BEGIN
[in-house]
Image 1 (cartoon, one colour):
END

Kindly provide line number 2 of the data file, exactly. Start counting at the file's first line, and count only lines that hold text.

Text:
Image 1 (cartoon, one colour):